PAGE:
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A tiered rate plan is where the price paid per kWh changes depending on how many kWh have been used that month. The amount (in kWhs) at which the rate changes is sometime referred to as the baseline amount. Usually, you will be charged a lower amount per kWH until you use above the baseline amount then you’ll be charged more per kWh.

Time-of-use billing is when electricity is charged a different rate depending on what time of day and year it is. Time-of-use plans will have a peak period where energy is charged at a higher rate and a off peak charged at a reduced rate.

What residential rate plans do PSEG offer?

PSEG offer both tiered and Time-of-use (TOU) rates.

What are PSEG’s peak and off peak periods?

Peak periods are defined as 7am-9pm (EST) Monday to Friday. Off-peak times are defined as all other times.

This is a long on-peak period and is something worth considering when deciding if you want to change rates.

What are the rates?

Plan Name: Residential (RS)
Last Update: June 1, 2018
Fixed Charge: MinimumEnergy Charge: $0.73
Service Charge: $2.42
Summer (June 1 to September 30)
Rate per kWh
Tier1: $0.163
Tier2: $0.177
Energy in Tier
Tier1: First 600 kWh
Tier2: Above 600 kWh
Winter (October 1 to May 31)
Rate per kWh
Tier1: $0.161
Energy in Tier
Tier1: All kWhs
Plan Name: Residential - Load Management (RLM)
Last Update: June 1, 2018
Fixed Charge: Service Charge: $13.94
Summer (June 1 to September 30)
Rate per kWh
Off-Peak: $0.07
Peak: $0.295
Weekday Times
Off-Peak: Midnight to 7am, 9pm to midnight
Peak: 7am to 9pm
Weekend Times
Off-Peak: All hours
Peak:
Winter (October 1 to May 31)
Rate per kWh
Off-Peak: $0.075
Peak: $0.234
Weekday Times
Off-Peak: Midnight to 7am, 9pm to midnight
Peak: 7am to 9pm
Weekend Times
Off-Peak: All hours
Peak:

The plans available to new customers or customers looking to switch plans are the RS and the RLM. In the next section we will talk about each plan and which one is the best.

For more info, check out the residential price plans.

How do I work out if I am on the cheapest PSEG rate plan for my usage pattern?

Finding out which plan is the cheapest, requires your interval data for the lasts 12 months. The cheapest plan will depend on how your individual household uses electricity.

PSEG only offer 3 rate plans, so even whithout your interval data it should be quite easy to figure out what plan to be on.

If you have the potential to limit the majority of your power useage to off-peak hours then the RLM plan could be cheaper.

If you use most of your power during the peak hours of 7am-9pm (weekdays), then the RS plan will probably be cheaper for your needs.

These are just suggestions, if you really want to work out what is the cheapest plan for you you’ll need to get your interval data and do a comparison.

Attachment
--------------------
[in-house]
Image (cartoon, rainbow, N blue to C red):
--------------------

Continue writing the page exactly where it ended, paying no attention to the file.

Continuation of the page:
How do I get my interval data for the last 12 months?

This data is available from PSEG. They are required by law to send it to you. Although this is not the easiest way to obtain the data.

There is also a website called UtilityAPI.com that allows you to get this data for $15 (they have an electronic interface to PSEG).

However, if you own your home and it is a single family dwelling then a really good way to get this data for free is to request solar quotes from local solar companies.

Generally solar offers much bigger savings than swapping plans (as the plans are designed to give the same overall cost to average consumers) and a solar designer will usually need to get this same data to work out what size solar system would cover your bill and to forecast savings accurately for you.

Solar companies will usually retrieve and analyze your interval electricity usage data for free in the hope of winning your solar business.

 

Interval Data
Green Button data

How much can I save per month by swapping to my cheapest plan?

For most people the amount you can save by swapping plans is minimal because the electricity plans are approved by the Public Utilities Commission (PUC) and plans are designed to work out roughly the same in terms of total costs for consumers with average consumption patterns.

In most cases savings will be between $0-$10 per month but could be much larger for high energy users or homes and businesses with non-typical usage patterns.

If you really want to save money. Go solar. You can save tens thousands of dollars from going solar.

Solar has a 5 year payback period in New Jersey. This means if you purchase a system it will take around 5 years to pay for itself. Then the system will provide you with 20 years of free power. Solar installed in New Jersey has the potential to save more than $60,000 over the lifetime of the system. Solar has many other benefits and is the best investments you can make to lower power bills.

Going solar has never been easier, and the available incentives make it the perfect time. Solar is a no-brainer, talk to local solar installers about your options or use this free calculator to see how much solar can save you.

Find out how to reduce your PSEG electricity bill.